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Findings from the Lipgene Project:
Human Nutrition Studies

Insulin resistance (a muted blood glucose response to insulin) is a key characteristic of the metabolic syndrome. It has long been known that the composition of dietary fat influences this aspect of insulin function. Only now are we beginning to understand how common human genetic variation will interact with this.


Lipgene scientists have access to data from 13,000 participants in the SUVIMAX cohort. The SUVIMAX trial is an ongoing randomised, double-blind, placebo-controlled, primary prevention trial to evaluate the effect of daily antioxidant supplementation on the incidence of cancer and coronary heart disease. The participants have been tracked every two years for 8 years and full dietary, biochemical, clinical and genetic data are available.

To date, 877 subjects have developed the metabolic syndrome and scientists have selected 877 matched controls. DNA from each individual has been extracted and genotyped, focussing on specific areas of the genome that are of particular interest. Alongside this work, other scientists have completed the analysis of all subjects’ dietary records and have compared individual fatty acid intake with plasma fatty acid profiles. This will now lead onto the combined analyses of dietary, biochemical and genotypic data.
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II. Human Nutrition Dietary Intervention Study

Lipgene has conducted a human feeding intervention study in 8 cities across Europe to examine how variation in the composition of dietary fat influences the metabolic syndrome. From a total of over 12,000 subjects screened for the study, 223 individuals with the metabolic syndrome were selected and 219 completed the intervention, which assessed the effect of both dietary fat quantity and quality.

Such an intervention was a huge undertaking as the logistics of supplying specially designed products to 8 centres across Europe proved challenging. The dietary intervention has now been completed and all samples have been collected and analysed.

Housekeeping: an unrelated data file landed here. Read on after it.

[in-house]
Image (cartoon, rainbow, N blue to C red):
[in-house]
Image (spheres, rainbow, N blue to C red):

Smaller sub-studies are now underway looking at different aspects of post-prandial lipid metabolism using stable isotopes as well as NMR metabolomic profiling of blood and urine samples.
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III. Functional and Molecular Studies

This research is underway to investigate the role that dietary fatty acids play in the basic biology of the metabolic syndrome using animal and cell models. In summary:

  • Studies assessing the role of fatty acids as regulators of adipogenesis in a human cell line are still progressing well.
  • Work investigating fatty acids as molecular markers of adipogenesis is looking specifically at the role of fatty acids on gene expression in a human cell line. This year, scientists have identified a number of changes in gene expression occurring in these cell lines with different fatty acids.
  • Investigation of the role of fatty acids on human skeletal muscle cell fatty acid uptake, as well as skeletal muscle gene expression and signalling pathways related to glucose and lipid metabolism is progressing well.
  • Studies assessing the effects of dietary fatty acids on adipose tissue in animal models are also progressing well. A feeding study has been completed and scientists have demonstrated a reduction in the size of fat depots when a specific fatty acid called TTA (tetradecylthioacetic acid) was fed.
  • Work is still underway to assess the effects of omega-3 fatty acids on the clinical consequences of insulin resistance.

Overall, these studies link dietary fat with different cell and animal models to cover all of the main areas of metabolic perturbation associated with obesity and the metabolic syndrome. The work involves adipogenesis, inflammation, vascular function, hypertension, insulin resistance and glucose metabolism.

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Dropper, Agar plate
Findings from the Lipgene Project